According to a recent survey conducted by sleep tips website SleepZoo, nearly two-thirds of Americans have work-related stress dreams. “The findings aren’t surprising since people dream about what’s important to them,” Deirdre Leigh Barrett, a psychologist at Harvard Medical School, told Today. “Work both occupies a huge chunk of our waking hours, and for most people, it’s pretty emotionally important.”
Kelly Bulkeley, a dream researcher and author of An Introduction to the Psychology of Dreaming and Big Dreams, agrees. “Dreams relating to work that are often stressful and unpleasant are pretty common in contemporary society,” he says. “Good or bad, we dream about the things we care about and are emotionally connected to.”
But since work often involves challenges that cause stress, our work-related dreams most often manifest themselves as nightmares. “What we do know about nightmares is that they’re triggered by feelings of helplessness and vulnerability,” says Bulkeley. “Things that make us feel infantilized or reduced to child status. So when your boss tells you that you need to do something, it reminds you of how little agency you have, which is similar to how kids often feel.”
In other words, your work-stress dreams are basically sequels to your childhood nightmares. Only this time you’re an adult, and instead of them being about your parents grounding you in an underground bunker for getting bad grades, these nightmares could feature your boss ripping you a new one in front of your coworkers.
Like all things dream-related, there are too many individual variables at play to figure out when or who can expect to experience them most often. “Work nightmares are sort of like mini PTSD nightmares,” says Bulkeley. So in that way, the same questions that come up for trauma victims — like why some experience PTSD symptoms while others don’t — applies here. “Trauma for me might not be trauma for you,” adds Bulkeley.
To that end, Bulkeley tells me that when it comes to work-stress dreams, or any other dreams proliferated by traumatic episodes, there’s a gender gap. “Women are more likely to suffer from sexual harassment in the workplace, so that definitely shows up in dreams,” says Bulkeley. (Intriguingly, the same SleepZoo survey found that the most common work-stress dream is related to having sex with a coworker.) Although there hasn’t been much direct research on gender- and work-related nightmares, Bulkeley believes that, since women are most prone to experiencing workplace harassment, it follows that they’re also more likely to have work-related nightmares.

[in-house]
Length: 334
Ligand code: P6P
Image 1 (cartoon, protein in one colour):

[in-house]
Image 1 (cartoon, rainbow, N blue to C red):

There is at least one upside to work-related stress dreams — the ones about unsolved problems. “Dreaming is a mode of mental function where we engage in problem-solving activities,” says Bulkeley. That means if you have a problem at work that you’ve been struggling to solve, sometimes your unconscious can help inspire a solution.
Still, it’s far more likely that you’d prefer to stop experiencing these dreams altogether, and there are a few tricks to that. “It helps to improve your general sleep habits,” says Bulkeley. “Nightmarish dreams and disrupted sleep go hand-in-hand.” Basically, you’ll diminish the frequency of nightmares and be more resilient and able to deal with bad dreams if the quality of your sleep is better.
Additionally, Bulkeley says that it’s common for sleep deprivation to cause further work stress. “We can function [well enough to perform] basic tasks even if we’re sleep deprived, but what we lose is the creative spark to improvise and think outside the box,” says Bulkeley. In short: You can’t do your job properly because your work nightmares have kept you awake all night, and you’re having work nightmares because you can’t do your job properly.
All of this is why, according to Bulkeley, the current economic system that creates a chronically sleep deprived population also helps pacify them. “Sleeping more is like sticking it to the man!” says Bulkeley. “You’re stronger and more creative.”
Not to mention, less cranky.